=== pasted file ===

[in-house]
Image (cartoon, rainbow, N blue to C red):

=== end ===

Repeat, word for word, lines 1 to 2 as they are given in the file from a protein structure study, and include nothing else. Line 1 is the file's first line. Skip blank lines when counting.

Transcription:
[in-house]
Image (cartoon, rainbow, N blue to C red):